It has been reported that superinfecting environmental mycobacteria preferentially home to tuberculous granulomas (11). The significant absence of immune responses to mycobacterial virulence factors among granulomatous control subjects suggest that the immune responses detected in sarcoidosis subjects do not reflect superinfection but rather a role in pathogenesis. The presence of congruent recognition of two mycobacterial proteins, not just one, argues against the hypothesis that sarcoidosis is caused by retention of a single poorly cleared or poorly degraded antigen or protein (Fig. (Fig.1).1). The specificity of the responses is evidenced by the lack of responses among the seven subjects with hypersensitivity pneumonitis or MycobacteriumY avium infection. Furthermore, prior reports have identified the KatG protein by immunohistochemistry, mass spectrometry, and T-cell response assays with sarcoidosis subjects (9, 10, 13, 44). Moreover, a comparison of the KatG sequences of M. bovis, M. avium, M. smegmatis, and M. tuberculosis reveal a 99.9% identity in the 740-amino-acid overlap (GenBank accession no. NP_855594, NP_960602, YP_888029, and NP_216424, respectively). It has also been demonstrated that patients with pulmonary M. avium do not react to ESAT-6, although rare responses have been reported (1). Immune recognition of ESAT-6 has been reported in infections with other pathogenic mycobacteria, such as M. tuberculosis, M. marinum, and M. kansasii (2). The significant difference in responses to mycobacterial antigens among sarcoidosis patient and control specimens supports the concept that ESAT-6-specific immune responses are not due to contamination of laboratory reagents with environmental mycobacteria (Fig. (Fig.1B).1B). A lone control specimen (disease control 25) had strong reactions to KLH, ESAT-6, KatG, and propionibacterial supernatant. These responses may reflect infection with a microorganism that secretes these proteins, contamination, or possibly nonspecific reactivity.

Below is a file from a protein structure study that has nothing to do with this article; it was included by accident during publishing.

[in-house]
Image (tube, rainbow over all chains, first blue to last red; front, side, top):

Prior reports have found an association between sarcoidosis and propionibacteria in sarcoidosis patient specimens (25). Although the assays were performed on limited numbers of sarcoidosis patient and control BAL fluid specimens, a preliminary investigation did not reveal immunologic evidence of P. acnes in the study participants. Molecular analysis for P. acnes was also performed and was negative for all five sarcoidosis patient specimens and four of the five control specimens tested (data not shown). Future studies will be performed to delineate the role of P. acnes in American sarcoidosis subjects.